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Woman with tick-induced meat allergy recalls life-threatening reaction: ‘Terrifying’

A lone star tick led to one woman's severe allergy symptoms for 15 years.

Overnight, Candice Matthis began to develop severe and puzzling symptoms. She had stomach pains and a sudden drop in blood pressure.

"It was terrifying," she told NBC’s Morgan Chesky. "It was very unnerving and overwhelming."

After 15 years without answers, doctors eventually identified a tick — the lone star tick — as the source of Matthis' condition. Just one bite from a lone star tick can lead to alpha-gal syndrome, which causes severe allergy symptoms in response to red meat.

RELATED: What is alpha-gal allergy? Tick bites are causing more people to become allergic to red meat

In some cases, including Matthis', alpha-gal syndrome can lead to a life-threatening reaction called anaphylaxis. This causes the airways to narrow and blood pressure to drop, according to the Mayo Clinic. If it's not treated quickly, anaphylaxis can be deadly.

And Matthis doesn't even need to eat meat for the syndrome to cause an issue. Just being around someone cooking can be enough, she said. "I've gone anaphylactic within 10 minutes of inhaling the fumes of mammalian meat or dairy cooking."

So, how exactly does a tick cause a meat allergy? Researchers believe it happens when the tick first bites an animal host, like a deer. The tick picks up alpha-gal, a type of sugar molecule found in most mammals, according to the Centers for Disease Control and Prevention. Then, when it bites a human, the tick transfers alpha-gal to the human's bloodstream where the person may become sensitized to it and develop an allergy.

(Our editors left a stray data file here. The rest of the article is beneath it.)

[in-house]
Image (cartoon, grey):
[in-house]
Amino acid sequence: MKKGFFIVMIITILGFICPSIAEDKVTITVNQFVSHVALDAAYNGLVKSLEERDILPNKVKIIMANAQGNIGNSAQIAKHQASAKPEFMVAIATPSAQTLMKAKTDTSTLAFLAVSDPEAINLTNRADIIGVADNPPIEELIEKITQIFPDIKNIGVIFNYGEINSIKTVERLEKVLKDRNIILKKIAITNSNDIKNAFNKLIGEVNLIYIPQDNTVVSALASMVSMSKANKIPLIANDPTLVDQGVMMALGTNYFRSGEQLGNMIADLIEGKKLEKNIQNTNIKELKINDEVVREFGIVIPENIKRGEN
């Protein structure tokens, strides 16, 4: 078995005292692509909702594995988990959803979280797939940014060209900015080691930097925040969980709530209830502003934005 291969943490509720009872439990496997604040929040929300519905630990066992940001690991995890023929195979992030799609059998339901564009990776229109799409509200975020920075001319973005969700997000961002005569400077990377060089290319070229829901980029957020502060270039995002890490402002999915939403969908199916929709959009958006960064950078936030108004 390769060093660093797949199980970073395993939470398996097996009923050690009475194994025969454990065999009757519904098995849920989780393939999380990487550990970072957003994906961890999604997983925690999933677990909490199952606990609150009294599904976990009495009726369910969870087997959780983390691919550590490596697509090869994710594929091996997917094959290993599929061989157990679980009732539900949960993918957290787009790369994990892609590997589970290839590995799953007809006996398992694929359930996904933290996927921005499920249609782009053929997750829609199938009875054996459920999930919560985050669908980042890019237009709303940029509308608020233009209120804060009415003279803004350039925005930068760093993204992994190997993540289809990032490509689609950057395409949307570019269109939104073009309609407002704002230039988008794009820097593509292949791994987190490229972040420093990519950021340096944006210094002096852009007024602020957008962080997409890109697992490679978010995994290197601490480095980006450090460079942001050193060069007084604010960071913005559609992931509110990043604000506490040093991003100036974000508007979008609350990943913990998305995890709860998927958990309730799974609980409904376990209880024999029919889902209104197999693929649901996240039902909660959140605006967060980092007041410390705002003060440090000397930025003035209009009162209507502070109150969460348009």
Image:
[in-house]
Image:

Alpha-gal is also present in meat products (including beef, lamb and pork) as well as some dairy products, such as ice cream. If someone who is already sensitized to alpha-gal due to a lone star tick bite eats one of those foods containing this sugar, that can trigger their allergic symptoms.

The number of people affected by alpha-gal syndrome is growing, and the condition is most common in the Southeast, TODAY previously reported. As many as 3% of all Americans could have an alpha-gal allergy. Arkansas, Virginia, Kentucky, Oklahoma and Missouri have the highest case rates per 100,000 people. Cases have been detected as far north as Maine and Washington state.

The symptoms of alpha-gal syndrome can vary from person to person, Dr. Scott Commins, who studies alpha-gal syndrome and treats patients with the condition at the UNC Allergy & Immunology Clinic in North Carolina, told TODAY. Symptoms usually occur within two to six hours of exposure to a product containing alpha-gal, per the CDC.

"It looks like an inflamed, red, itchy welt at the site of the tick bite," Commins explained. "People will say it's slow to heal." Sometimes patients notice the site of the tick bite is the first part of their body to start itching if they have a reaction after eating meat, he added.

If properly diagnosed and treated, the symptoms of alpha-gal syndrome may last for up to three to five years.

RELATED: How severe will this year’s tick season be? Here’s what to know

Unfortunately, tick seasons are generally getting more severe every year, experts told TODAY previously. It's important to be on your guard, so be aware of the ticks that are present in your area of the country and their usual habitats, which typically include brushy or wooded areas.

If you know you'll be spending a lot of time outdoors during tick season, protect yourself by wearing EPA-registered repellants or even pre-treating your hiking gear with permethrin. Also, remember to perform tick checks on yourself and your pets after spending time outside.

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